Contrast’s role in website readability:

  • Accessibility: Poor contrast, especially between text and background, can make websites difficult to read for people with visual impairments or color blindness. This not only excludes a significant portion of your audience but also violates accessibility guidelines. no bueno
  • Readability: When text blends into the background, it becomes visually tiring to read. High contrast ensures clear separation, making it easier for users to absorb information and navigate your site.
  • Aesthetics: Contrast adds visual interest and prevents your website from looking flat and dull. Strategic use of contrasting colors can enhance your brand identity and create a visually pleasing experience.

PRO TIP: Add a drop shadow on the text when placing text over images. This increases the readability of the text, especially on images that are dark in one section and lighter in another OR you can color correct your images like National Geographic does in the example below

Here are some tips to leverage contrast effectively:

  • Color Contrast Ratio: Use tools like WCAG contrast checker or Coolers Contrast Checker to ensure sufficient contrast between text and background.
  • Consider Color Blindness: Choose color combinations friendly to various forms of color blindness.
  • Don’t Overdo It: While contrast is important, avoid overwhelming users with excessive color clashes. Stick to a cohesive color scheme with strategic contrasts.
  • Think Beyond Color: Contrast can also be achieved using elements like font size, weight, and spacing. Play with these elements to create a visual hierarchy.
  • Test and Iterate: Get feedback from diverse users with different visual abilities. Test different contrast combinations to see what works best for your audience.

White Space

White space, or negative space, is the area between design elements. Creating white space with your content creates a visually clean and airy layout.

This can be achieved simply by adding some spacing between the header and text as Google does in the image below. follow the link for more on How to use White Space in Web Design


Typography

While amazing visuals and engaging copy are important, the true foundation of a readable website lies in its typography.

Why is Typography Important?

Typography’s role in website readability:

  • Clarity and Accessibility: Illegible or poorly chosen fonts can make websites difficult to read, especially for people with visual impairments. It also excludes people who need an accessible website
  • Readability and Engagement: When text blends into the background or is difficult to decipher, users quickly lose interest and move on. Clear and consistent typography ensures smooth reading, keeping users engaged and more likely to absorb your content.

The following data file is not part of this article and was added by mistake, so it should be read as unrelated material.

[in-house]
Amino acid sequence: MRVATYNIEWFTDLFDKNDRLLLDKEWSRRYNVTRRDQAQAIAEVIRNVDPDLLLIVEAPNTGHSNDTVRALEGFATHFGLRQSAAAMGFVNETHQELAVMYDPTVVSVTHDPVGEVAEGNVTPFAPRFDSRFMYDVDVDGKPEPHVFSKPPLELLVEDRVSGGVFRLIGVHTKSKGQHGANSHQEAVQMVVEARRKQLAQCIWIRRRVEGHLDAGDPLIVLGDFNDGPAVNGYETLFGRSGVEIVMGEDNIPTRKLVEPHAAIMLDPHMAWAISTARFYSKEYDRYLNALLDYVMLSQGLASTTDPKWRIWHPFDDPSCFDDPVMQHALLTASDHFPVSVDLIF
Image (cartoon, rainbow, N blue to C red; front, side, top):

• Hierarchy and Emphasis: Effective typography helps guide users’ eyes. By using different font sizes, weights, and styles, you can create a visual hierarchy that highlights key information, headings, and calls to action. This makes your website easier to navigate and understand.
  • Brand Identity and Aesthetics: Typography is an extension of your brand personality. Choosing fonts that align with your brand values (e.g., serif for a luxury website, script for an elegant website) creates a memorable experience. It also adds visual interest and prevents your website from looking flat and dull.

Here are some tips to leverage typography effectively:

  • Font Choice: Opt for clear, legible fonts like Arial, Helvetica, or Verdana. Avoid overly decorative or script fonts that can be difficult to read.
  • Keep It Simple: Don’t overdo it, you only need 2 fonts, 3 max, 1 for headings 1 for bodies of text and if you want a 3rd to accompany your headings font. If you want more versatility remember that each font has a family (light, regular, bold, etc)
  • Font Size: Aim for a comfortable font size for body text, typically around 16-18px on desktops and slightly larger for mobile.
  • Line Height: Ensure adequate space between lines (around 1.5 times the font size) for easy reading flow.
  • Hierarchy: Use different font sizes, weights, and styles to create a clear visual hierarchy that guides users through your content.
  • Consistency: Maintain a consistent font style and size across your website to avoid jarring visual transitions and reinforce brand identity.
  • Accessibility: Choose fonts with good legibility and consider color contrast to ensure your website is usable by everyone.
  • Testing and Iteration: Get feedback from diverse users with different visual abilities. Test different font combinations to see what works best for your audience.

Bonus Tip: Consider using a web font analyzer like Google’s WhatFont tool to identify and analyze fonts used on other websites you find visually appealing and readable.